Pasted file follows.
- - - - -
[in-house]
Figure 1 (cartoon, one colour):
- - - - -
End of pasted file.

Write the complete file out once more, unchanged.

[in-house]
Figure 1 (cartoon, one colour):